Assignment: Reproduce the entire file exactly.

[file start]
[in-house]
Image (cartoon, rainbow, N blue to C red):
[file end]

[in-house]
Image (cartoon, rainbow, N blue to C red):